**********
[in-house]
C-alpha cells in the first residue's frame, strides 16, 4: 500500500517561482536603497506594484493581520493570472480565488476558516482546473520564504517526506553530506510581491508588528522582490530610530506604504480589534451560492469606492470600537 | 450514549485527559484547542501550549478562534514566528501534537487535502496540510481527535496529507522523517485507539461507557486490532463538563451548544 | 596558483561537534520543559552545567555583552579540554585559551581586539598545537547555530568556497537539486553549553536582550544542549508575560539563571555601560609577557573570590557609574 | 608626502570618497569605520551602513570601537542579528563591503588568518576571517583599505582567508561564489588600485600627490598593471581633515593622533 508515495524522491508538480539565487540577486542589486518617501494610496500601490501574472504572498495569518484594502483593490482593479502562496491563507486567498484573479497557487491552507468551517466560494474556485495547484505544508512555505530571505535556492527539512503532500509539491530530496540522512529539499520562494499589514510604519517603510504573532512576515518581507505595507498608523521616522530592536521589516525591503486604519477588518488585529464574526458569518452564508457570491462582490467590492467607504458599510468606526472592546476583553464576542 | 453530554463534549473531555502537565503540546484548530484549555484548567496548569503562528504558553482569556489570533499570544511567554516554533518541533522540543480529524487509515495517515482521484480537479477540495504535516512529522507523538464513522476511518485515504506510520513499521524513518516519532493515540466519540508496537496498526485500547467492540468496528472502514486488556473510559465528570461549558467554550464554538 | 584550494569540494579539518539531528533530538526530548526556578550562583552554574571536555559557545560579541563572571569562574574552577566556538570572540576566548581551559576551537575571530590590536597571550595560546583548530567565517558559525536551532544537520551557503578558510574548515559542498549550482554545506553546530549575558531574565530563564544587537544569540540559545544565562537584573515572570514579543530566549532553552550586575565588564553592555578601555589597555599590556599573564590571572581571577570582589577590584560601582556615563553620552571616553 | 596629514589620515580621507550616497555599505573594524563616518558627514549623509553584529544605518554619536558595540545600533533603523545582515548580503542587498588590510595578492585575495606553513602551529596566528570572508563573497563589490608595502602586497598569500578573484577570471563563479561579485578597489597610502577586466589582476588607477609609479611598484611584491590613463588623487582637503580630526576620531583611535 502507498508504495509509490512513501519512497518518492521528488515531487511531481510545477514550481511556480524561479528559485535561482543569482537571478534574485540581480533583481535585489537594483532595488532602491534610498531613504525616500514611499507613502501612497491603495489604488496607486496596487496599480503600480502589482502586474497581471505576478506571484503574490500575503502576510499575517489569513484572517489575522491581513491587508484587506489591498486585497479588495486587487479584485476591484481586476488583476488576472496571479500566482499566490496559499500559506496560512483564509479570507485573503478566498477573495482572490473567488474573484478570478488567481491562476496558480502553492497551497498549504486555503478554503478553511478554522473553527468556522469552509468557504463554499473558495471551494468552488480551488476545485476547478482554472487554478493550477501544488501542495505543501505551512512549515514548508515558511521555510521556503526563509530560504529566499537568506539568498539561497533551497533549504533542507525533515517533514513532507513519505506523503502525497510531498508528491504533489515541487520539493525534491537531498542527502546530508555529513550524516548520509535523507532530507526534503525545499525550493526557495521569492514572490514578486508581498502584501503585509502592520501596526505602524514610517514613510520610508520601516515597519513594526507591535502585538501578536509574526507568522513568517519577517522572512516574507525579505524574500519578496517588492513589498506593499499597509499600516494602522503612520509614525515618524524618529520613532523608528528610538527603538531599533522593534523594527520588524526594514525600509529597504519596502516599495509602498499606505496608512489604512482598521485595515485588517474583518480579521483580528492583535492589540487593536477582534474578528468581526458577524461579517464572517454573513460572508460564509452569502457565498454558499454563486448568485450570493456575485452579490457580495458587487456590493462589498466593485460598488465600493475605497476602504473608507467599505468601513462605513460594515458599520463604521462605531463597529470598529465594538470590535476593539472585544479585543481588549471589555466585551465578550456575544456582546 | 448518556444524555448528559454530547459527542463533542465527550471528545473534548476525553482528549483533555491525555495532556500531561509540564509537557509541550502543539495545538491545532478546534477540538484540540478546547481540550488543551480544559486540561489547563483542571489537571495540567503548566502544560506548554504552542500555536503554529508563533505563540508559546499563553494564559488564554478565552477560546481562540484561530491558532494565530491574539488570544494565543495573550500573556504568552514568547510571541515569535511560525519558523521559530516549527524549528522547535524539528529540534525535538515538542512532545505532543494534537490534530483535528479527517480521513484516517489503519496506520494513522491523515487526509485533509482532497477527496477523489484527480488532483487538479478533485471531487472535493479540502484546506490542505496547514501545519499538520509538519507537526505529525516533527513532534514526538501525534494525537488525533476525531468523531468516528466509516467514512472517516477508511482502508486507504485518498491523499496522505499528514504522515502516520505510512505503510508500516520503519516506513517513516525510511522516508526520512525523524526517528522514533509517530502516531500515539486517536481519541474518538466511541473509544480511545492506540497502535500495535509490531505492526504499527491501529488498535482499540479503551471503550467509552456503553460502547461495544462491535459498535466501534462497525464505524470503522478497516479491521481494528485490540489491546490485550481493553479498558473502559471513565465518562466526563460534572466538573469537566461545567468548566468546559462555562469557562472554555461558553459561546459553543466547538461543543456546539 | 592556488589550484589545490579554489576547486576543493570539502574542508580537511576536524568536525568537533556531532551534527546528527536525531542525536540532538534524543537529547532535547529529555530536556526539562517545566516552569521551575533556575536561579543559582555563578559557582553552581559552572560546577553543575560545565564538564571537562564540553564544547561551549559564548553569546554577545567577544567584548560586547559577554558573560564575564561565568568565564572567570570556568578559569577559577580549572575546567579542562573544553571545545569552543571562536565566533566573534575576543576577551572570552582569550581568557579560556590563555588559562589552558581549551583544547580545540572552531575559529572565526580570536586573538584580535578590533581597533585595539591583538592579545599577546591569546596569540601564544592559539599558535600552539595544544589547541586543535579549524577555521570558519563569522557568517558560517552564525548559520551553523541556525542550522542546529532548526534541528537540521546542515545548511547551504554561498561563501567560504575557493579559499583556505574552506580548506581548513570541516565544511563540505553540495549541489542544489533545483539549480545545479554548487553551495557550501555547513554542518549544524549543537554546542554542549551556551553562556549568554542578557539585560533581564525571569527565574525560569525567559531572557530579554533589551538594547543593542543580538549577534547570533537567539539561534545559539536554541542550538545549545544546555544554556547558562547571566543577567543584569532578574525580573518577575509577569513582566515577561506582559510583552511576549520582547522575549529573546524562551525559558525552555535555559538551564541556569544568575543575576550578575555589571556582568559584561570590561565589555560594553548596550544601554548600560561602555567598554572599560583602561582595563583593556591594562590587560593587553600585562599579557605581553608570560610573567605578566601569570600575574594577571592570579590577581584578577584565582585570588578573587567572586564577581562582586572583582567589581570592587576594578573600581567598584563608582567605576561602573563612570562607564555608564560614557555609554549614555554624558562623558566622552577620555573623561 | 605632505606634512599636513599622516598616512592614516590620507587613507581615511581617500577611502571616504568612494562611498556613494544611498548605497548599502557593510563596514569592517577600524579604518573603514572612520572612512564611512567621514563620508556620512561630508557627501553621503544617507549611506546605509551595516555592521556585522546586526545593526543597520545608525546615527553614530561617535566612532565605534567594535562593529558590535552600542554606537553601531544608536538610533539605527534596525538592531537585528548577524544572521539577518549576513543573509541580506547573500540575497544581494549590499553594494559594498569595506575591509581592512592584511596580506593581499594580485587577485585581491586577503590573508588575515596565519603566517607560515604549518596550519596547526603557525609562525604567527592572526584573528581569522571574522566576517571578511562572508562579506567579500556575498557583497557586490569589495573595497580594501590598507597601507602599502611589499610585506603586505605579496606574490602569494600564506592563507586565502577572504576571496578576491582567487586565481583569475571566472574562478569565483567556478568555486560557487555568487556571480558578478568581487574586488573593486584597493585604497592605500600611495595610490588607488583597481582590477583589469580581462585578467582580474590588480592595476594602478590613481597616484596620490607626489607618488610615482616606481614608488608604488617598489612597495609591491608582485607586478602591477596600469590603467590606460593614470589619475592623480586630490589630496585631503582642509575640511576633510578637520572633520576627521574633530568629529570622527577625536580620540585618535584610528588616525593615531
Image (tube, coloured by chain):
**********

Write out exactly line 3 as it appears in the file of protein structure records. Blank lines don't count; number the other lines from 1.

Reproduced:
Image (tube, coloured by chain):